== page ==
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1944: Polish resistance launches Warsaw Uprising

The Story


Five years into the Second World War, the Soviet army was advancing on Nazi-occupied Warsaw. In a desperate bid to liberate the city from the Nazis while staving off a communist takeover, the Polish resistance launched the Warsaw Uprising on Aug. 1, 1944. After 63 days, the struggle ended in disaster with a city in ruins and 250,000 dead civilians. In this CBC clip, four Polish-Canadian survivors describe dark days of no food, water or ammunition.

Medium: Television
Program: Newswatch
Broadcast Date: Oct. 2, 1984
Guest(s): Georges Rabyc, Wladimir Romanowski, Anna Serafin, Wilhelm Synienski, Bob Vogel
Reporter: Paulina Casaubon
Duration: 4:14

Did You know?


• The reporter in this clip is incorrect in noting that the Warsaw Uprising ended on Aug. 2, 1944. The correct date was Oct. 2, 1944. The news report was timed to coincide with the 40th anniversary of that date.

• Poland was the first country invaded by Germany in the Second World War. On Sept. 1, 1939, German troops crossed the border into Poland. Two days later, Britain declared war on Germany. Canada declared war on Sept. 10, 1939.

• As the war progressed, Allied armies from Britain, the United States and Canada closed in on Nazi-occupied Europe from the west. The Soviet army, also Allies, advanced from the east.

• By July 1944, the Soviet army was making its way through Poland. Alongside it was the Polish Committee of National Liberation (PKWN), a Soviet-backed administration that purged Polish towns and cities of resistance fighters. This was in anticipation of a postwar Soviet takeover of Poland.

• In Warsaw, the resistance force, the Polish Home Army (Armia Krajowa), consisted of about 30,000 men and women.

• According to The Heart of Europe: A Short History of Poland, by Norman Davies (1984), the timing of the uprising of was delicate. Act too early, and the resistance risked getting crushed by the Germans; too late, and Warsaw would be easily plucked from Polish hands by the Soviets and the PKWN.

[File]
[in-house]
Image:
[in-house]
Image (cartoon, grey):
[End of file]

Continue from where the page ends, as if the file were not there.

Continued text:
• The rising was planned to last just a few days until the Soviets moved in. However, the Soviets stayed on the opposite side of the Vistula River and watched as the resistance battled it out with the Nazis.

• The vicious street-by-street combat lasted until Oct. 2, 1944, when resistance leader Tadeusz Bór-Komorowski capitulated to the Nazis. The city's few remaining inhabitants were sent to internment camps and the city was bombed to rubble, leaving it to the Soviets.

• The Warsaw Uprising is sometimes confused with the uprising that took place in the Warsaw ghetto on April 19, 1943. During that event, Jewish Poles living in the overcrowded, sealed-off ghetto resisted Nazi officers who had arrived to send the last remaining Jews to concentration camps. Though they had no hope of winning, the resisters staged the insurgency with grenades and small arms to show the Nazis they wouldn't go without a fight.


Also on August 1:
1952: The Social Credit Party is sworn in as the new government of British Columbia under W.A.C. Bennett. The party stays in power until 1972.
1959: Georges P. Vanier is appointed as Canada's new governor general. Vanier is the first French-Canadian governor general.
1985: A U.S. icebreaker, Polar Sea, leaves Greenland for a voyage through the Northwest Passage without Canada's permission.


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